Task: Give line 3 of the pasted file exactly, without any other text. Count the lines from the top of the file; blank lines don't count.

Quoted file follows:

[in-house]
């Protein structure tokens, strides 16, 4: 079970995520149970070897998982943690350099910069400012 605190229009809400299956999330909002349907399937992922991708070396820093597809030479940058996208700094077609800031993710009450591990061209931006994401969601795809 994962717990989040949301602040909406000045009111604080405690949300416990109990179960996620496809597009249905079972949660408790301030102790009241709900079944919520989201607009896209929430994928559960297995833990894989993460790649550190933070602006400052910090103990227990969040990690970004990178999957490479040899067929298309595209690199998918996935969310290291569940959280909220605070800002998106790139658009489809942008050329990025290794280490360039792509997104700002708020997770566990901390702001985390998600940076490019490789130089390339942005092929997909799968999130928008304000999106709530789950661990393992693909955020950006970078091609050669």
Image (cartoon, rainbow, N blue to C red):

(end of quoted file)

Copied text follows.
Image (cartoon, rainbow, N blue to C red):